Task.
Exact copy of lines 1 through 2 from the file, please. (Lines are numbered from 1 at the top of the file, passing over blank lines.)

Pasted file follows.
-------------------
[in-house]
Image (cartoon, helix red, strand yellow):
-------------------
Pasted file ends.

[in-house]
Image (cartoon, helix red, strand yellow):